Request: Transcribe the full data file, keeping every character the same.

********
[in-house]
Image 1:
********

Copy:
[in-house]
Image 1: